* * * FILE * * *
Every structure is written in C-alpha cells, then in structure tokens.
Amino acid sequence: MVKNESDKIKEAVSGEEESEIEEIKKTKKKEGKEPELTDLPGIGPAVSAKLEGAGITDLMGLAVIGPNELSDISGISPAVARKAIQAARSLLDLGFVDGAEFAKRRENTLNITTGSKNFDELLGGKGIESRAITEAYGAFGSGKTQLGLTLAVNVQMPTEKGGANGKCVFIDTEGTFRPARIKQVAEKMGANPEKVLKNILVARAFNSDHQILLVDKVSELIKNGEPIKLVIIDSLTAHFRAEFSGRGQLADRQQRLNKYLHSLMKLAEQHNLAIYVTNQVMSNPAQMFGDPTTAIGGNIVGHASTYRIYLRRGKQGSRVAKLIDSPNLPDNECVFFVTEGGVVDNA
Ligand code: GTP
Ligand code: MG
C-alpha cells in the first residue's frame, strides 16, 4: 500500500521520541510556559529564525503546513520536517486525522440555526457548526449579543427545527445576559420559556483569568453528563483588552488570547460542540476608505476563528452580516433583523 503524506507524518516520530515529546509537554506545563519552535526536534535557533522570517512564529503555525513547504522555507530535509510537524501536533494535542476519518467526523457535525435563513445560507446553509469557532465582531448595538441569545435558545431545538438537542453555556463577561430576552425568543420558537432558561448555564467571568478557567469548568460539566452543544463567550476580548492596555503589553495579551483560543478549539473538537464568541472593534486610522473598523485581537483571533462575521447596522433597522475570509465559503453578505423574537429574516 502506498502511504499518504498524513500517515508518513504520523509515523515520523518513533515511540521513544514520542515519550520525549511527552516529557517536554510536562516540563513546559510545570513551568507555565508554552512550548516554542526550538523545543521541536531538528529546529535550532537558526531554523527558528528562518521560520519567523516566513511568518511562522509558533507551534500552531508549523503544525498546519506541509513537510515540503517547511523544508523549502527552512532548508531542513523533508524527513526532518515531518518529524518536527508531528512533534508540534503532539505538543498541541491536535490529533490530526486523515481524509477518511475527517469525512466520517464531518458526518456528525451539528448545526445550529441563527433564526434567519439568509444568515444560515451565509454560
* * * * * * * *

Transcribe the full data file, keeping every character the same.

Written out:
Every structure is written in C-alpha cells, then in structure tokens.
Amino acid sequence: MVKNESDKIKEAVSGEEESEIEEIKKTKKKEGKEPELTDLPGIGPAVSAKLEGAGITDLMGLAVIGPNELSDISGISPAVARKAIQAARSLLDLGFVDGAEFAKRRENTLNITTGSKNFDELLGGKGIESRAITEAYGAFGSGKTQLGLTLAVNVQMPTEKGGANGKCVFIDTEGTFRPARIKQVAEKMGANPEKVLKNILVARAFNSDHQILLVDKVSELIKNGEPIKLVIIDSLTAHFRAEFSGRGQLADRQQRLNKYLHSLMKLAEQHNLAIYVTNQVMSNPAQMFGDPTTAIGGNIVGHASTYRIYLRRGKQGSRVAKLIDSPNLPDNECVFFVTEGGVVDNA
Ligand code: GTP
Ligand code: MG
C-alpha cells in the first residue's frame, strides 16, 4: 500500500521520541510556559529564525503546513520536517486525522440555526457548526449579543427545527445576559420559556483569568453528563483588552488570547460542540476608505476563528452580516433583523 503524506507524518516520530515529546509537554506545563519552535526536534535557533522570517512564529503555525513547504522555507530535509510537524501536533494535542476519518467526523457535525435563513445560507446553509469557532465582531448595538441569545435558545431545538438537542453555556463577561430576552425568543420558537432558561448555564467571568478557567469548568460539566452543544463567550476580548492596555503589553495579551483560543478549539473538537464568541472593534486610522473598523485581537483571533462575521447596522433597522475570509465559503453578505423574537429574516 502506498502511504499518504498524513500517515508518513504520523509515523515520523518513533515511540521513544514520542515519550520525549511527552516529557517536554510536562516540563513546559510545570513551568507555565508554552512550548516554542526550538523545543521541536531538528529546529535550532537558526531554523527558528528562518521560520519567523516566513511568518511562522509558533507551534500552531508549523503544525498546519506541509513537510515540503517547511523544508523549502527552512532548508531542513523533508524527513526532518515531518518529524518536527508531528512533534508540534503532539505538543498541541491536535490529533490530526486523515481524509477518511475527517469525512466520517464531518458526518456528525451539528448545526445550529441563527433564526434567519439568509444568515444560515451565509454560